Surely you’re not going to skip White Horse and Picco’s Ridge? You’d be missing so much! The official maps are not yet published for these two new paths, so just FYI, here’s the linking route between the new trailhead and the old trailhead (what was the old Northern Terminus of the ECT). Note that draft maps are available online and from the ECTA office – the paths are signed, but unhardened. I’ve hiked these trails several times and personally, I think they’re extremely beautiful, unique along the ECT, and a blast to hike “as is”.
6. Sugarloaf South to Deadman’s Bay North.
This is basically just an explanation of the route through St. John’s – mainly where to find a footbridge that’ll save you nearly 2km of road walking. For a deeper explanation and visual on the bridge, check out the Deadman’s Bay video (starts at 2m 40s).
The image for this one is pretty self explanatory. Points of interest are (1) Sugarloaf South Trailhead, (2) Dominion Memorial Market (a large modern grocery store… with a kitchen and pre-cooked food!), (3) the Outfitters (equipment… for resupply), (4) the all important Footbridge that cuts off about 1.5km of road walking and (5) Deadman’s Bay North Trailhead. There are many places to load up on calories between 2 and 4, but not much after that… Not until you get to the next (relatively smaller) supermarket @ Bay Bulls.
When managing a project, there are always a number of ideas floating around that can improve the final product. With this site, one such idea was to Identify and Map the Road Walk Routes through communities.
Some of the ECTA Maps already have these Road Walks defined. In real world use though, the problems with the printed format are numerous – the street names are not consistently discernible, the identified routes are out-of-date, and on some maps, the communities don’t appear at all. As such, mapping the road walks is something that I thought may be useful, and would take relatively little time to do – but I never really stopped to consider how useful it would be. So I simply never got around to doing it.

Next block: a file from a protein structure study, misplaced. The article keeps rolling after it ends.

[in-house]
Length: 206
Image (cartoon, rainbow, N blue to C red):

Having just completed a thru hike however, I’ve come to realize the utility of the data. To illustrate, below are two screen captures from GPS routes for the road walk portion of two thru hikes that took place in the last few weeks.
For anyone familiar with this section (Silver Mine Head to Father Troy’s), they’ll quickly see where the hikers went wrong. I always thought this data would be useful just to CFA Thru Hikers…. but I was one of those hikers that got off route!
“But Randy,” I hear you saying “You’re familiar with those community links – how did you manage to go wrong?”
Well, it has to do with your mindset while hiking. When you’re doing a thru hike, the community road walks are often not a highlight. When you come to the end of a trail, you are jolted out of your zen-like hiking state. All of a sudden, you have to start thinking – about the route, about re-supply, about the next trailhead, etc.. Your hike is no longer a beautiful relaxing walk through the woods – there are streets going in every direction, people, cars, noise, smells…. For someone who’s been spending all their time in the forest, it can be a little off putting. Paying attention to your route through the community is one of many things you have to do when you reach a town, and it’s something that can easily fall by the wayside.
So, long story short… (if that’s possible at this point), the Road Walk Routes have been added to the Spreadsheet. You’ll find them in the first tab, Trail Data, linked from each alternating line. While hiking and when viewing the Spreadsheet with Google Sheets, it can be accessed very easily in Google Maps – as can been seen in the accompanying video. The route text can also be printed (with or without the map) for those hiking without a mobile device (Menu > Print).
Location: ECT Pouch Cove (Stiles Cove North) to St. John’s (Sugarloaf South). Direction: North to South. Date: Sunday June 19, 2016. Distance: 51.23 km. Gain: 1721 meters. Duration: 16 hours 2 minutes. Avg Speed: 3.2 kph. Weight Carried: 16.5 lbs. Calories Burned: 10,049. Max HR: 229.
Check out some photos from this hike.